Federal Chief Information Security Officer (CISO) Chris DeRusha explained today how the National Cybersecurity Strategy (NCS) and implementation plan released by the Office of the National Cyber Director (ONCD) earlier this year lines up nicely with the goals of improving Federal government cybersecurity, but also warned that the prevalence of legacy IT systems still being used by many Federal agencies continues to stand in the way of security improvements.

During a NextGov/FCW webinar, DeRusha talked about one of the big themes of the NCS, which he described as “work on increasing incentives to favor longer term investments in cybersecurity.”

That major goal “dovetails nicely,” he said, into what the Biden administration is trying to do to improve Federal government cybersecurity. He said that alignment is “pretty cool because it doesn’t always happen with these large strategies – a detailed implementation” plan with milestones attached, and “roles for all of the Federal agencies that are going to be working on that.”

“So when you look at that and you come back to the Federal side … there’s a big role for us to continue to play a leading role in securing Federal systems – that’s why that was in the first chapter of the National Cyber strategy,” he said.

DeRusha said he views the NCS as “building off of” the Biden administration’s 2021 cybersecurity executive order, and the “huge focus on Federal cybersecurity since the beginning of the administration.”

“What we’re talking about there is let’s keep going,” he said. However, as part of that broad effort to improve Federal cybersecurity, he said the government needs a ten-year modernization plan for legacy IT.

“Since I’ve been doing Federal government work back early in the Obama administration, we’ve been talking about … legacy IT modernization as the number one biggest rock that needs to get moved first to be able to secure our systems,” he said. “I think that’s still true.”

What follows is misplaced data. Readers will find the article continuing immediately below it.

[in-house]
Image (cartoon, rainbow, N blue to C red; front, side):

“We’ve made a lot of progress with the Technology Modernization Fund – just the lots of investment that’s been made,” he said.  “But yeah, the continued investment that we need to make there is evident and obvious as we continue on our efforts to implement encryption” and multifactor authentication.

“Then also we’re taking everything that we’ve been doing and studying it a little bit and then building off of it,” he said, citing a shared security service model that the Cybersecurity and Infrastructure Security Agency (CISA) has been doing the Department of Justice and other agencies. “What are the characteristics of success … and what are the next services down the road that are needed – we’re studying that and we’re going to be building off of that.”

Looking to next steps on other issues, DeRusha also mentioned enterprise license agreements “and how we get more bang for the buck there,” along with “operationalization of how we work as a Federal CISO and security community.”

“CISA is getting a huge, expanding role – very, very mature now,” he said. “What else do we do – because we’re never going to be done with that … What else can we do to kind of integrate the CISOs and the shops in with CISA?”

“So we’ve tasked ourselves with an operational plan there that will kind of take us to the next level,” he said. The Federal CISO added, there is a “a lot more work and a focus on national security systems information. There’s a lot of swim lanes in the next round of things that we need to do.”

DeRusha also spoke about the benefits of his dual-hat status as Federal CISO and Deputy National Cyber Director, saying “it was something that made a lot of sense to us,” when he was appointed Deputy NCD in late 2021, “and still does.”

“The nice thing about that is we have operational fabric now, and I manage a couple of teams on each side, as one team working on Federal government oversight governance,” he said. “That’s really helped because you’ve been sitting in all the ONCD meetings [and] you understand what’s going on internationally, nationally – they have a huge mission inside that organization – and can really reinforce and feed everything we’re doing federal side and vice versa.”

“We’re running stuff on the Federal side that sort of feels like things we should be translating up as we’re developing a national strategy, so it’s worked really well to date,” he said.

Read More About
More Topics
John Curran
John Curran
John Curran is MeriTalk's Managing Editor covering the intersection of government and technology.